Human beings are programmed to seek approval from their very first days of life—for example, the coos of delight babies can elicit when they first smile are some of their first rewards. The need for a pat on the back, that word or smile of acceptance from our friends, teachers or parents is very important to each one of us, because it tells us that what we have done is right and worthy of notice. The need for approval is very powerful within each one of us. It is such a fundamental need, in fact, it is surprising the business world has not become more adept at channeling it to achieve more successful solutions. And while you might intuit that cash must be the most powerful motivator to drive behavior, if you really dig down it makes perfect sense that recognition could have more sway. After all, recognition is the “grown-up” form of approval. Yes, money drives business but the value of rewards and recognition in the workplace cannot be overstated. The Awards Selection study brings us one step closer to understanding the power of recognition. Recognition and other non-cash awards tend to be better, the study showed, for less tangible, morale-improving outcomes such as creating positive internal “buzz” and improving teamwork. On the other hand, cash tends to work best for short-term, tangible results like increasing sales. Companies are beginning to truly comprehend that organizational objectives can benefit from rewards and recognition, and that different employee behaviors are affected by different targeted award tactics. Broad, generalized programs, while still being used, appear to be giving way to a more refined approach that reflects specific goals managers and organizations hope to achieve. So, for example, if your group or entire business has a snowballing morale problem, there might be great value in designing and implementing an awards program centered on specific events that reinforce and organization’s culture and values rather than giving the aggrieved individuals a spot bonus or extra day off—both of which will likely be forgotten in the blink of an eye.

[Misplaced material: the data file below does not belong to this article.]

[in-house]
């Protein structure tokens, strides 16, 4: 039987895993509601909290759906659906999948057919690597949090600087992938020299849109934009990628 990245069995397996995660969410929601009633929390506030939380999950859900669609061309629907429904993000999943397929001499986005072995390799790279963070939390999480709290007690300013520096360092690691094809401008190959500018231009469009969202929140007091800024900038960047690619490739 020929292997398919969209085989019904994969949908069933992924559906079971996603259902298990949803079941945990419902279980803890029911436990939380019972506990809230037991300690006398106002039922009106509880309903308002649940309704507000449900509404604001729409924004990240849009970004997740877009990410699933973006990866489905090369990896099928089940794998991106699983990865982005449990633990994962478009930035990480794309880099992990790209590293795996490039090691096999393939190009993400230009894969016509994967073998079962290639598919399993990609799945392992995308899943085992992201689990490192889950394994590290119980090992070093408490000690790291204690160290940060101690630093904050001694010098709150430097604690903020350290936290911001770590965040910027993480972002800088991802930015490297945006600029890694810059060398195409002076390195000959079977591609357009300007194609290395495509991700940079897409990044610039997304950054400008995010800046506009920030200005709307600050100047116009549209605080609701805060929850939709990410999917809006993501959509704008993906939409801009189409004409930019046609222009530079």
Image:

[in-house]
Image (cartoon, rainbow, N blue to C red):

Awards Selection: Preliminary Insights From Managers was prepared by Dr. Jimmy Peltier, University of Wisconsin-Whitewater, Dr. Don Schultz, Northwestern University, and Dr. Martin Block, Northwestern University. The Forum for People Performance Management and Measurement is a research unit affiliated with the Medill Integrated Marketing Communications (IMC) graduate program at Northwestern University. It is funded by associations and corporations interested in the issue of People Performance Management and Measurement. . A central objective of the Forum is to develop and disseminate knowledge about communications, engagement and management so that businesses can achieve their objectives through better designed and managed people-based initiatives both inside and outside an organization.